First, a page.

I've been away on travel to the Louisiana Science Teachers' Association (LSTA) Meeting last week in Monroe, LA. LIGO goes to present workshops and to advertise the Science Education Center (SEC) though a booth in the exhibit hall.
Our booth in the exhibit hall featured a projection of the LIGO documentary "Einstein's Messengers", the Visible Vibrations exhibit from our exhibit hall, 'snacks' (inexpensive, miniature versions of exhibits that teachers can build and use in their classrooms - the Exploratorium has a nice catalog of 'snacks' here), brochures, and posters. While it was tiring being on your feet all day interacting with the teachers, it was also extremely rewarding! One of the most inspiring people I interacted with wasn't even a teacher. One of the security staff was so fascinated by the Visible Vibrations exhibit, that he kept coming back and interacting with it for most of the day! To see someone who isn't even our target audience (at least that day) exploring the physics involved was extraordinary. On top of that, he made some of the most spectacular vibration patterns I've ever seen!
LIGO also presented two one-hour workshops. The SEC director presented one on motors and I presented another one on the LaserFest kits that I based the LaserFest Teachers' Day on a few weeks ago (you can read more about it here). I had enough kits for 30 attendees, but my workshop was at the end of the day on Friday and only had about 10 teachers attend. While I was a little disappointed (my ego had me convinced that EVERYONE would want to come to MY workshop), it was also a blessing in two ways. The first way is that I got to have a lot more one-on-one time with the teachers and they had much more time to ask deeper questions than they would have normally. The second way is that there were extra kits to be had. The teachers seemed quite happy when I told them they got to keep their kits and, when I asked if they would like to take another kit with them to share with other teachers at their school, their faces lit up. Each and every one of those kits has now found a good home in a Louisiana classroom.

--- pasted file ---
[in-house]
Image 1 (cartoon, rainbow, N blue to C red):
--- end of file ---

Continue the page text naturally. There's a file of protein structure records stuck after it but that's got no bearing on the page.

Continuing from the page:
Today in History...
Today is the 115th anniversary of the X-ray (if you hadn't noticed from Google's Doodle for today)! I can't count how many of these I've had in my life and how many times they have saved me from some medical trouble, everything from dental cavities to finding my kidney stone.
Speaking of which, the X-ray below is after I had a ureteral stent placed between my kidney and my bladder to bypass my kidney stone and allow my kidney to drain. The stent is clearly visible and the kidney stone is the little shrapnel looking thing about a third of the way down the stent. The top curl is in my kidney and the bottom is in my bladder. I am so happy that both the stone and the stent are gone!